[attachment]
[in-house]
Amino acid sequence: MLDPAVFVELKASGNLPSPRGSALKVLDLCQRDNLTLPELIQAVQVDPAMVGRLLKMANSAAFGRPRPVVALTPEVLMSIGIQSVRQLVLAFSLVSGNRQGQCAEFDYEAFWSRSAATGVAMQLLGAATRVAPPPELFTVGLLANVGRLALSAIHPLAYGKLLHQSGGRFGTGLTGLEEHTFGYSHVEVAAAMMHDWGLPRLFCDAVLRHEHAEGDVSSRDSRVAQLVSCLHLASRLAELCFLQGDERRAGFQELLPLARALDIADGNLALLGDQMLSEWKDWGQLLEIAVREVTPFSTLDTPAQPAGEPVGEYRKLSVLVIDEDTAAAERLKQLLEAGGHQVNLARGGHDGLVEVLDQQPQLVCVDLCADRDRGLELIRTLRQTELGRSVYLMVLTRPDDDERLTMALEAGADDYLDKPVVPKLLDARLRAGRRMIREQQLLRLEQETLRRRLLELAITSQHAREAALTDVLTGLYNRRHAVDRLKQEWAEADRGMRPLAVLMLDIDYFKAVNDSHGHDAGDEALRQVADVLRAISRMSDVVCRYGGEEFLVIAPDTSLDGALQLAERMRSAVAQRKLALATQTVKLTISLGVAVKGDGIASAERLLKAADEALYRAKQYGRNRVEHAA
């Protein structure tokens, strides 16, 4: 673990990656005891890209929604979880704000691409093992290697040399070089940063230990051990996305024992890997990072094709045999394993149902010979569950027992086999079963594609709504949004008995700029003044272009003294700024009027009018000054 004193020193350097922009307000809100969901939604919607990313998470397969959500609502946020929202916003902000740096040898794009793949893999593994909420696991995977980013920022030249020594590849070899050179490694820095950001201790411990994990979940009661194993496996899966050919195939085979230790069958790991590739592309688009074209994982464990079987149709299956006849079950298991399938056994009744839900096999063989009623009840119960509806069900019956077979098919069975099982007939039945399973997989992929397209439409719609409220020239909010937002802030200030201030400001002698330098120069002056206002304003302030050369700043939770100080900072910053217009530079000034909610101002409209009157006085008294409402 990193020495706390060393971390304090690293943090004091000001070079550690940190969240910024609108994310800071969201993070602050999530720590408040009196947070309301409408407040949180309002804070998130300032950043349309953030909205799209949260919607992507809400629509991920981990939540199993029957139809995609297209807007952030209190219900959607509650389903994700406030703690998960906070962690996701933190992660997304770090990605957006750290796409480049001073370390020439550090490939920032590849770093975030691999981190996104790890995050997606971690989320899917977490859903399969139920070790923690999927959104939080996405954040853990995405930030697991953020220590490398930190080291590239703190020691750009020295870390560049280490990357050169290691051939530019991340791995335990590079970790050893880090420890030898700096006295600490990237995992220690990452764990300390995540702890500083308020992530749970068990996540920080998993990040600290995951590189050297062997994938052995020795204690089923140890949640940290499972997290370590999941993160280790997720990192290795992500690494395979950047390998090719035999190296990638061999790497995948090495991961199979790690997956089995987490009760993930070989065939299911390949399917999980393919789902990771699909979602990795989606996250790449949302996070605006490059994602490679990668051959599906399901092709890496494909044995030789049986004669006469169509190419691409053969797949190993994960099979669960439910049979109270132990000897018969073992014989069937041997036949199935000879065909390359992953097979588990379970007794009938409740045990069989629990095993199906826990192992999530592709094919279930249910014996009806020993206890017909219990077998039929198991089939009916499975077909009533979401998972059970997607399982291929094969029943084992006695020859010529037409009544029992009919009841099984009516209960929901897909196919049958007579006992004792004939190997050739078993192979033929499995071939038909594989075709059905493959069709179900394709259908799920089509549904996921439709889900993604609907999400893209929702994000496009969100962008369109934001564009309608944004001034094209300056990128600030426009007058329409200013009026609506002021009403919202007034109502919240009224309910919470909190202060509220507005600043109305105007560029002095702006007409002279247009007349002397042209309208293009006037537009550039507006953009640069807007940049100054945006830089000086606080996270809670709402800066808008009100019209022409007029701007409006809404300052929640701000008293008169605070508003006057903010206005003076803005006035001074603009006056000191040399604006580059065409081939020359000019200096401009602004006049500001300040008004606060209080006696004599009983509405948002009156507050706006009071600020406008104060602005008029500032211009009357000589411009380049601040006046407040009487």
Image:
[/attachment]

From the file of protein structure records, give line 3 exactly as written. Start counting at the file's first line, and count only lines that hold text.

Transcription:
């Protein structure tokens, strides 16, 4: 673990990656005891890209929604979880704000691409093992290697040399070089940063230990051990996305024992890997990072094709045999394993149902010979569950027992086999079963594609709504949004008995700029003044272009003294700024009027009018000054 004193020193350097922009307000809100969901939604919607990313998470397969959500609502946020929202916003902000740096040898794009793949893999593994909420696991995977980013920022030249020594590849070899050179490694820095950001201790411990994990979940009661194993496996899966050919195939085979230790069958790991590739592309688009074209994982464990079987149709299956006849079950298991399938056994009744839900096999063989009623009840119960509806069900019956077979098919069975099982007939039945399973997989992929397209439409719609409220020239909010937002802030200030201030400001002698330098120069002056206002304003302030050369700043939770100080900072910053217009530079000034909610101002409209009157006085008294409402 990193020495706390060393971390304090690293943090004091000001070079550690940190969240910024609108994310800071969201993070602050999530720590408040009196947070309301409408407040949180309002804070998130300032950043349309953030909205799209949260919607992507809400629509991920981990939540199993029957139809995609297209807007952030209190219900959607509650389903994700406030703690998960906070962690996701933190992660997304770090990605957006750290796409480049001073370390020439550090490939920032590849770093975030691999981190996104790890995050997606971690989320899917977490859903399969139920070790923690999927959104939080996405954040853990995405930030697991953020220590490398930190080291590239703190020691750009020295870390560049280490990357050169290691051939530019991340791995335990590079970790050893880090420890030898700096006295600490990237995992220690990452764990300390995540702890500083308020992530749970068990996540920080998993990040600290995951590189050297062997994938052995020795204690089923140890949640940290499972997290370590999941993160280790997720990192290795992500690494395979950047390998090719035999190296990638061999790497995948090495991961199979790690997956089995987490009760993930070989065939299911390949399917999980393919789902990771699909979602990795989606996250790449949302996070605006490059994602490679990668051959599906399901092709890496494909044995030789049986004669006469169509190419691409053969797949190993994960099979669960439910049979109270132990000897018969073992014989069937041997036949199935000879065909390359992953097979588990379970007794009938409740045990069989629990095993199906826990192992999530592709094919279930249910014996009806020993206890017909219990077998039929198991089939009916499975077909009533979401998972059970997607399982291929094969029943084992006695020859010529037409009544029992009919009841099984009516209960929901897909196919049958007579006992004792004939190997050739078993192979033929499995071939038909594989075709059905493959069709179900394709259908799920089509549904996921439709889900993604609907999400893209929702994000496009969100962008369109934001564009309608944004001034094209300056990128600030426009007058329409200013009026609506002021009403919202007034109502919240009224309910919470909190202060509220507005600043109305105007560029002095702006007409002279247009007349002397042209309208293009006037537009550039507006953009640069807007940049100054945006830089000086606080996270809670709402800066808008009100019209022409007029701007409006809404300052929640701000008293008169605070508003006057903010206005003076803005006035001074603009006056000191040399604006580059065409081939020359000019200096401009602004006049500001300040008004606060209080006696004599009983509405948002009156507050706006009071600020406008104060602005008029500032211009009357000589411009380049601040006046407040009487």